The consciously aware try to avoid contributing to social injustices and inequalities. They may even try to call out forms of discrimination or implications of a unfair categorizations. The perceptively curious of those who are already aware of present-day injustices may stop and consider what the future of social issues may entail. There must be, in our society today, generalized prejudices against groups whom we do not completely understand, and will one day gasp in horror at upon revisiting these unnoticed topics at a later date. Far too many adults in our society remain unmoved by the struggles of one of the most misunderstood groups. Luckily, Pixar has taken it upon itself to spread an important message to children with the release of their new film, Inside Out.
By no means am I claiming that this is a “perfect” film. If anything, this film still adheres to far too many outdated notions of sexist, white heteronormativity. One article in particular draws attention to aspects of the film that fail to reach the bar of progressivism in films, one that isn’t even set that high, by presenting the protagonist’s father as the family breadwinner and obsessing over sports, while the mother fantasizes about marrying another heroic Brazilian man. The writer of the article poignantly goes on to write, “How come Pixar can seamlessly perfect cinematic narrative but they can’t seem to wrap their heads around characters and families that don’t conform to patriarchal, heteonormative value systems?”
But this film does do a fantastic job of crafting a film around something we don’t talk enough about: mental illness. The movie’s protagonist, young Riley, has recently moved to San Francisco, much to her dismay. Throughout the course of the film, we see how she begins missing everything about her old life, leading to her eventual mental deterioration. The film makes great use of the storyline “inside Riley’s head” by mustering up five lovable and unique characters, appropriately named Joy, Sadness, Anger, Fear, and Disgust.
By portraying these emotions as delightful characters, memories as mesmerizing orbs, and personality traits as islands, the audience is invited into the depths of one girl’s mind. The materialization of these mental components, Pixar takes a, pardon the word, unconscious jab at Descartes’ archaic notion of dualism, one that calls for the distinction between “mind stuff” and “physical stuff”, crudely put. Viewers are made aware of the “realness” of mental conditions through Pixar’s acknowledgement and presentation of mental features as physical entities. These are not necessary things that are necessary “in one’s control” or dismissively put, “just in your head”, as if the individual is, through their own agency, willing themselves to be burdened by a mental illness. One cannot simply “cheer up” in depression, or “stop worrying” through anxiety. These imaginative, animated creations represent real components of the brain, whether they be neurotransmitters, hormones, neurons, etc.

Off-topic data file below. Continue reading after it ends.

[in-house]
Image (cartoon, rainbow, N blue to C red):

If audiences, presumably children and their respective guardians, watch the film, they will be able to see the direct link of the world inside Riley’s head to Riley’s own behavior, mindset, and overall personality. Choosing to construct supportive parental roles also served the important purpose of acknowledging and discussing mental illness instead of contributing to either the stigmatization or romanticization of mental illnesses.
All in all, Pixar’s Inside Out served as a great stepping stone in paving the way for the future of discourse surrounding mental illness. We are beginning to present younger generations with the stigma-smashing, scientifically literate youth our world so desperately needs. We are in the process of creating a world that understands those who have been demonized, jailed, beaten, tortured, exorcised, discriminated, and killed for something that is, at its core, out of their control.
This article was written by Amar Ojha, founder and writer at dusk magazine.